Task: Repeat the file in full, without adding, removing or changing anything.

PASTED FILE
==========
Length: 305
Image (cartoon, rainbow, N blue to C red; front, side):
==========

Length: 305
Image (cartoon, rainbow, N blue to C red; front, side):